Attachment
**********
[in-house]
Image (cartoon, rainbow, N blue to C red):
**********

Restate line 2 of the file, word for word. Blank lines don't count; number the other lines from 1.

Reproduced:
Image (cartoon, rainbow, N blue to C red):